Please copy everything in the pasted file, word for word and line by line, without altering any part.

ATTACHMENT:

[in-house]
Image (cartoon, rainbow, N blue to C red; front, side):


[in-house]
Image (cartoon, rainbow, N blue to C red; front, side):